A new mathematician framework that more effectively analyses “controlled chaos” could potentially be used to improve the resilience of complex critical systems, such as air traffic control networks and power grids.
“By providing reliable results in a rapid manner, these equations allow for the creation of algorithms that optimise the resilience of real interdependent networks,” said the study’s author, Filippo Radicchi, of Indiana University, whose work appears in the journal Nature Physics.
“They may also be helpful in designing complex systems that are more robust, or more easily recoverable,” he said.
Radicchi’s equations provide a new method to “untangle” multiple complex systems – pulling apart each network or “graph” for individual analysis and then reconstructing an overall picture.
A “graph” describes the myriad points and connection lines that comprise a complex network. In an air transportation network, for example, an airport might represent a single point; an airplane’s flight path, the connections between points.
“In the real world, networks do not exist in isolation; they are always interacting with other networks,” Radicchi said. “By unraveling multiple graphs, we’re able to analyse each in isolation, providing a more complete picture of their interdependence and interaction.”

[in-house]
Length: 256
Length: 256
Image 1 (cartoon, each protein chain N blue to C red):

The equations are able to quickly and accurately measure “percolation” in a system – the amount of disruption caused by small breakdowns in a large system.
“If you’re traveling between cities by plane and 10% of the airports worldwide suddenly stop operating for some reason, percolation theory can help us calculate how many airports you can still use to reach your target city,” Radicchi said.
A smooth percolation transition, as revealed though the equations, indicates that a system will stop functioning gradually as the number of local failures rise. An abrupt percolation transition reveals a system more likely to stop functioning suddenly after reaching a certain number of local failures.
“At that point,” Radicchi said, “a system will exhibit ‘catastrophic behavior,’ from which it is very difficult to recover.”
Bill Condie is a science journalist based in Adelaide, Australia.
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